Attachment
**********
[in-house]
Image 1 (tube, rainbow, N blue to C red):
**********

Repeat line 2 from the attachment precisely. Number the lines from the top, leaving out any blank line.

Image 1 (tube, rainbow, N blue to C red):